Tesla’s Autopilot and Full Self-Driving features are safe, the company insists in a letter to two top Senate Democrats. Like, really safe. Safer than human driving. Unfortunately, the senators aren’t really buying it.
“Tesla’s Autopilot and FSD Capability features enhance the ability of our cusotmes [sic] to drive safer than the average driver in the U.S.,” Rohan Patel, senior director of public policy at Tesla, writes in a March 4th letter to US Senators Richard Blumenthal (D-CT) and Ed Markey (D-MA). (The letter was first reported by Reuters.)
Tesla is responding to the senators’ letter to the company’s CEO Elon Musk last month raising “significant concerns” about Autopilot and FSD. Blumenthal and Markey have also called on federal regulators to crack down on Tesla to prevent further misuse of the company’s advanced driver-assist features.
Patel describes Autopilot and FSD as Level 2 systems “which require the constant monitoring and attention of the driver.” These features are “capable of performing some but not all of the Dynamic Driving Tasks (DDT) that can be performed by human drivers,” he notes. (That would seem to contradict Tesla’s overly optimistic branding of the product as “Full Self-Driving.”)
In his letter, Patel provides a more nuanced (and most likely legally vetted) overview of Autopilot and FSD than what is typically provided by Musk on Twitter and in other public comments. In a recent earnings call, for example, Musk claimed that FSD will be safer than human driving by the end of 2022.
Patel doesn’t apply the same deadline, but he does insist that Tesla’s advanced driving features are safer than human driving. He notes:
For example, in the fourth quarter of 2021, Tesla recorded one crash for every 4.31 million miles driven in which our drivers were using Autopilot technology, compared to the NHTSA most recent data, which shows an automobile crash occurs every 484,000 miles.
Tesla occasionally releases safety reports that echo these same statistics in an effort to frame Autopilot as safer than human driving. But experts note that these stats are largely meaningless, as Autopilot is primarily used for highway driving. Comparing it to national statistics that include a wide variety of driving environments, including residential and urban driving, gives Tesla an unfair advantage.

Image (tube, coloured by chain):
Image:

Patel goes on to describe Tesla’s driver monitoring system, which uses torque sensors in the steering wheel and (for some Model 3 and Model Y vehicles) cabin cameras to monitor driver attentiveness.
He does not mention, however, that regulators and safety experts have spent years begging Tesla to add better driver monitoring to its cars. Musk has even admitted that crashes involving Autopilot stem from complacency but previously rejected his own engineers’ calls to add more robust driver monitoring to the company’s cars. Musk said at the time that the tech was “ineffective.”
Companies like General Motors and Ford currently sell cars with camera-based eye-tracking systems that are meant to make sure drivers pay attention while using hands-free driving features.
If the goal of Patel’s letter was to assuage the concerns of Blumenthal and Markey about Tesla’s commitment to safety, it doesn’t appear to have worked.
“This is just more evasion and deflection from Tesla,” the senators said in a joint statement. “Despite its troubling safety track record and deadly crashes, the company seemingly wants to carry on with business as usual. It’s long past time Tesla got the message: follow the law and prioritize safety.”
Tesla did not (and has not since 2019) respond to a request for comment.